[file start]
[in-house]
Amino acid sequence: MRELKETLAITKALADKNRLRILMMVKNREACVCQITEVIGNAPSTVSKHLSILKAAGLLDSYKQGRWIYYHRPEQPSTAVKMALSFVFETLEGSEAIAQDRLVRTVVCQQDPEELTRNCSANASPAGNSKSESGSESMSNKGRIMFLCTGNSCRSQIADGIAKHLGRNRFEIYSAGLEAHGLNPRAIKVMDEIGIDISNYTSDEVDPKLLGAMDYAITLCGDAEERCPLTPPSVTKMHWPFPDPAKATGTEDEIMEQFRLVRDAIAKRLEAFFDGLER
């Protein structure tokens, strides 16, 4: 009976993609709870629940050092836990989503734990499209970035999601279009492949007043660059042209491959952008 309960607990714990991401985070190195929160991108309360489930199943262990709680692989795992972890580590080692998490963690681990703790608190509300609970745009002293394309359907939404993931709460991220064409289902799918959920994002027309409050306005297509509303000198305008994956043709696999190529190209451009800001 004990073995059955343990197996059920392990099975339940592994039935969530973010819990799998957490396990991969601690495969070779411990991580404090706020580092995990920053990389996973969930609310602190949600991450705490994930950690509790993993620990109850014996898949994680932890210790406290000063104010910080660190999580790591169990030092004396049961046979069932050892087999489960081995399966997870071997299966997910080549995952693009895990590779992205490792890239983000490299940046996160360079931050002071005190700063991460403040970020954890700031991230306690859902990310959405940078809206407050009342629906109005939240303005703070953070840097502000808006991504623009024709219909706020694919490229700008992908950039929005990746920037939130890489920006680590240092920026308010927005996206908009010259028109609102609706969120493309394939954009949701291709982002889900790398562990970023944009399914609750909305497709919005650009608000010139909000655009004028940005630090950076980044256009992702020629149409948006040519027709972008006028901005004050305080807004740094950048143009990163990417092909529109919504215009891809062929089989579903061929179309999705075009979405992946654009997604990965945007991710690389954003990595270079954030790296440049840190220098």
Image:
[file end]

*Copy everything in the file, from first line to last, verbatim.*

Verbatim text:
[in-house]
Amino acid sequence: MRELKETLAITKALADKNRLRILMMVKNREACVCQITEVIGNAPSTVSKHLSILKAAGLLDSYKQGRWIYYHRPEQPSTAVKMALSFVFETLEGSEAIAQDRLVRTVVCQQDPEELTRNCSANASPAGNSKSESGSESMSNKGRIMFLCTGNSCRSQIADGIAKHLGRNRFEIYSAGLEAHGLNPRAIKVMDEIGIDISNYTSDEVDPKLLGAMDYAITLCGDAEERCPLTPPSVTKMHWPFPDPAKATGTEDEIMEQFRLVRDAIAKRLEAFFDGLER
């Protein structure tokens, strides 16, 4: 009976993609709870629940050092836990989503734990499209970035999601279009492949007043660059042209491959952008 309960607990714990991401985070190195929160991108309360489930199943262990709680692989795992972890580590080692998490963690681990703790608190509300609970745009002293394309359907939404993931709460991220064409289902799918959920994002027309409050306005297509509303000198305008994956043709696999190529190209451009800001 004990073995059955343990197996059920392990099975339940592994039935969530973010819990799998957490396990991969601690495969070779411990991580404090706020580092995990920053990389996973969930609310602190949600991450705490994930950690509790993993620990109850014996898949994680932890210790406290000063104010910080660190999580790591169990030092004396049961046979069932050892087999489960081995399966997870071997299966997910080549995952693009895990590779992205490792890239983000490299940046996160360079931050002071005190700063991460403040970020954890700031991230306690859902990310959405940078809206407050009342629906109005939240303005703070953070840097502000808006991504623009024709219909706020694919490229700008992908950039929005990746920037939130890489920006680590240092920026308010927005996206908009010259028109609102609706969120493309394939954009949701291709982002889900790398562990970023944009399914609750909305497709919005650009608000010139909000655009004028940005630090950076980044256009992702020629149409948006040519027709972008006028901005004050305080807004740094950048143009990163990417092909529109919504215009891809062929089989579903061929179309999705075009979405992946654009997604990965945007991710690389954003990595270079954030790296440049840190220098």
Image: